There was a really fascinating article on Slate (Parents are Junkies) a while back that compared parents to addicts. Basically, the unpredictable rewards kids give their parents (in the form of hugs and giggles) are similar to the random flow of quarters from a slot machine. If we knew slot machines would spit out quarters reliably, they'd be a lot less fun or exciting. So we are willing to put up with the streaks of losses (or screaming, yelling, and mess-making) in the hopes of those random jackpots.
I thought of this article this morning when Cork got up early to make a cute breakfast for everyone. Except Hannah had a rough morning, and the breakfast got cold, and Cork got frustrated. It made me sad to see everyone trying so hard but where are the freaking quarters? I don't even need a jackpot. Just a little something. ANYTHING!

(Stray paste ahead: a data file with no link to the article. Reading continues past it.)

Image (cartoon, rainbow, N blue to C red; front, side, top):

But the thing that makes babies different from slot machines is, well, everything. But in this analogy, unlike the quarters you lose in the slot machine, the casino doesn't keep your parenting "losses." Your kid keeps them. So they aren't really losses. You just have to have a little faith. Some day Hannah may pat your back, and say she loves you, and tell you a story about a time when she was little and you made her that special breakfast. Or she'll tell you about the time that you hit her (you totally didn't). Either way. But my point is, you're making a difference even when it feels like you're not.